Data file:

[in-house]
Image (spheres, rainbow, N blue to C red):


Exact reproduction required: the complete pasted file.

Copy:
[in-house]
Image (spheres, rainbow, N blue to C red):